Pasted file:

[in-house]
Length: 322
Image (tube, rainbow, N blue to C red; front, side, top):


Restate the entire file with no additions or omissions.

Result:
[in-house]
Length: 322
Image (tube, rainbow, N blue to C red; front, side, top):